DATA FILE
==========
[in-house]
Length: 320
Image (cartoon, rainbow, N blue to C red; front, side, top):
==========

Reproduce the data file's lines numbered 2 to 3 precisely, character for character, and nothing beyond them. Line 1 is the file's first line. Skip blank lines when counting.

Length: 320
Image (cartoon, rainbow, N blue to C red; front, side, top):